Are you English? Do you like straws? Do you clutch them as hard as you can when times are tough? You bet you do.
Eddie Jones’ side have no choice but to go for the glass half-full rather than half-empty option. They have to believe that the stunning impact of 19 year old wunderkind, Henry Arundell, scoring with his first touch in Test rugby followed by one from another debutant, Jack van Poortvliet, gives them reason to believe for the rest of this series.
Call it burying your head in the sand. Call it ignoring the true state of affairs. Call it delusional. And it is. The silver lining is a mirage. This was a major set-back for England, a chastening defeat.
With three minutes remaining, trailing by 16 points at 30-14, England were on their backsides, humiliated on the scoreboard.
They had played what Del Boy would have called Plonker Rugby in allowing the Wallabies to somehow pick themselves off the canvas, three starters injured and Darcy Swain sent off for a headbutt moment of madness, and set up the position from where they were able to nail their first win in nine attempts against England. That’s the proper ledger of account.
England lost to Australia for the first time in seven years despite having so much in their favour, numerically, territorially, momentum-wise, all looking hunky-dory. And yet they blew it. Big time. If that were a World Cup quarter-final, England would be on the plane home. Results matter. And, after yet another feeble Six Nations, England have nothing in the bank in that regard.
The losses keep stacking up. That might be acceptable if you see yourself as a middle-ranking scuffler. Win a few, lose a few, mid-table mediocrity.
That is not England’s aspirational status. They spend the big bucks. And they have every right to expect big returns.
That is not Pommie arrogance. It’s how New Zealand, South Africa, Australia as well as, currently, France would see themselves, Ireland too, the result at Eden Park notwithstanding. It’s called being a contender.
That is the reality of a scratchy, patchy evening in Perth, a disjointed affair that will have done little to win over any neutrals who had feasted on the State of Origin in the same stadium only six days earlier.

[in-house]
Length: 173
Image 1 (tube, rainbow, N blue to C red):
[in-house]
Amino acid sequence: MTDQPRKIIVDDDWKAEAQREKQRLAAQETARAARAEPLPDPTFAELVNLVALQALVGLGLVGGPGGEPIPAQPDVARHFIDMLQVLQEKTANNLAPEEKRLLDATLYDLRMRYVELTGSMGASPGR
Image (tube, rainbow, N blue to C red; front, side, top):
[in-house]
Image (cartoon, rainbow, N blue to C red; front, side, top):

England had stuffed up against the 14-man Barbarians prior to departure. Dave Rennie had obviously done his homework. Lose a man and England are vulnerable.
Sure, they were reduced to 14 themselves for 20 minutes with the Hair Puller Jonny Hill, and then Billy Vunipola, in the sin-bin. But the fact that once again they couldn’t take advantage of Wallaby woes shows just how brittle their confidence is.
There is so little of worth in the tank when it comes to diamond-hard self-belief. They were on top of Australia but simply could not ram home their superiority. Should they have gone for touch rather than take the three points at 11-9 early in the second-half?
A confident side would have done, no matter what the consequences might have been. Perhaps the Wallabies sensed that too.
England had a golden opportunity to put a massive dent in the Wallaby psyche. Even if they rally to come back in Brisbane and Sydney, Australia have got the monkey off their backs.
It’s a fair bet that England will improve as they head to Queensland, work on their finishing, tighten their defence, focus on the late positives of those debutants.
But so too will Australia. No team can expect to achieve anything without character within their ranks. The Wallabies showed at the Optus Stadium – and what an impressive venue that looked – that they have the Digger spirit of their forefathers.
They stuck together, did not wilt or panic and finished super-strongly with three well-deserved tries in the second-half. Michael Hooper never flagged, never gave off the wrong sort of vibes, just kept burrowing and encouraging.
Samu Kerevi did as Samu Kerevi does, blasting forward, getting his side on to the front foot. Pete Samu did a shift when he came on while Nic White was as canny as ever. The pack was right up against it after Swain’s headstrong retaliation but they know now that they have nothing to fear from England in these coming weeks. That’s a big upside for Australia.
Of course there were some plus points for England, notably Arundell at the death. Jones has to seize the moment and start with the London Irish flyer at the Suncorp.
Arundell is one for the here and now never mind the future. His arrival on the international stage is a bonus for England. There were other more substantial matters. Billy Vunipola and Danny Care both showed that they have something still to offer at this level, providing go-forward ballast in their different ways. Freddie Steward at the rear confirmed his burgeoning reputation.
The Marcus Smith-Owen Farrell axis did not make a mark despite occasional glimpses of what might be. Jones has a conundrum to solve in midfield in the absence of Manu Tuilagi. On this evidence he is no nearer to finding a solution.
It is going to be a challenging fortnight for England. The best they can aim for is a modicum of respectability were they to level the series in Brisbane and go to a decider in Sydney. That is as much as they can hope for, a slugger’s chance. It’s a get-out-of-jail possibility, no more than that.
This is happening too often for any comfort to be had at Twickenham. The stark reality, as this slipshod, underwhelming performance illustrates, is that they have lost the ability to impose themselves on an opposition.
France and New Zealand, South Africa to a lesser extent, expect to win when they take to the field. That used to be the case with England. It no longer is.